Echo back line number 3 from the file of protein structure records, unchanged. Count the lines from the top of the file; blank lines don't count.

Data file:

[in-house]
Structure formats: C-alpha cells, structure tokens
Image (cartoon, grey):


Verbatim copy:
Image (cartoon, grey):